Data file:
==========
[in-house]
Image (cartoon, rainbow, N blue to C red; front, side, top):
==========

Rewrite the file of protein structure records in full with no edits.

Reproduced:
[in-house]
Image (cartoon, rainbow, N blue to C red; front, side, top):